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September 08, 1998 - Image 4

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The Michigan Daily, 1998-09-08

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4A - The Michigan Daily - Tuesday, September 8, 1998

UII e £lidr~ilafg

420 Maynard Street
Ann Arbor, MI 48109
Edited and managed by
students at the
University of Michigan

::.Nr,A ,

Editor in Chief
Editorial Page Editor

'Charging is not the same as conviction, so
that's a harder issue. ... I would rather err on
the side of making sure our students are safe.'
-University Regent Phillip Power; on the administrations suspension
of Daniel Grange, who would have started classes today

Clinton ' trubles
tell S more about
ourselves than
they do about him
T hough allegations and rumors of
extramarital affairs and excessive
hanky-panky have followed President
Bill Clinton throughout his political
career, the problems before 1998 were
little more than pro-
logue to the scandal. .
that has ravished the
nation from top to
bottom since
January. After
"friend" Linda
Tripp announced h r


Unless otherwise noted, unsigned editorials reflect the opinion of the majority of the Daily's editorial board.
All other articles, letters and cartoons do not necessarily reflect the opinion of The Michigan Daily.


until when?

r4AMe oF -1NHI5-1Nlr4G GAMED.. RlIG vKN



'U' should not block Granger's matriculation



O ne of the bedrocks of American soci-
ety lies in the assurance that all per-
sons accused of a crime have the right to
trial before they are punished. The recent
case of Daniel Granger - a Grosse Pointe
North High School graduate who intended
to attend the University this semester -
has dragged the administration into the
middle of the public spotlight where the
hypocrisy of its own administrative deci-
sions is open to scrutiny by all.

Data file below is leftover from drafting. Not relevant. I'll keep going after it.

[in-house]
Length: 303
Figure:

The problems started when a picture of
Granger - the president of his senior class
- with his genitals exposed appeared in
the 1997-98 yearbook. A school investiga-
tion resulted in allegations that Granger
and other students had enganged is sexual
acts with several other students. Granger
soon found himself charged with third-
degree criminal sexual conduct, or what
amounts to statutory rape because the girls
allegedly involved were under the age of
consent. On Aug. 27, Granger's problems
grew when he received a letter from Vice
President for Student Affairs Maureen
Hartford informing him that he had to
attend a hearing to discuss his future at the
University. Last Tuesday, Provost Nancy
Cantor sent him another letter, informing
him he would be suspended at least until
winter term, pending the findings of a
University investigation.
Despite the University's statement that
its actions are an "admissions review," the
entire predicament smacks of past prob-
lems engendered by the University's Code
of Student Conduct. The Code is a three-
page document that attempts to create a
shadow of a legal system over campus, at
the same time ignoring many of the rights
basic to citizens.
The administration's actions seriously
tbreaten some of the most basic building
blocks of the criminal justice system, not the

least of which is the belief that the accused
are innocent until they are proven guilty.
Granger has not plead guilty; no judge or
jury has ruled as to his guilt. The possible
threat to the University student body is
unclear, if existent at all. The administration
has thrown the presumption of innocence to
the wind for its convenience.
Further, by punishing Granger without
sufficient investigation or procedure, the
University has violated his right to due
process. The administration is casting an
aura of guilt on the 18-year-old without
giving him a chance to defend himself.
Even if the University's premises had
some meat to them, Granger's actions
would fall beyond the University's juris-
diction. First of all, it took place beyond
the confines of the University's campus.
The administration evidently feels that its
brand of justice should be omnipresent in
student lives - a proposition that is
patently foolish. Even if the University's
authority is accepted as extending beyond
campus boundaries, Granger allegedly
committed the act last winter - long
before he would have become a student -
thus putting the acts well beyond the scope
of the University.
The University should not attempt to
impose itself in lieu of the legal system. If
Granger's guilt can be proven, then he will
not be able to attend the University
because he likely will be in prison.
Hartford and Cantor's actions are a chal-
lenge to Granger's civil liberties - and a
serious threat to those of all students. If it
must delve into the matter, the University
should allow Granger to attend school dur-
ing the investigation. Supposition and pre-
mature reaction have supplanted the inves-
tigative processes that normally take place.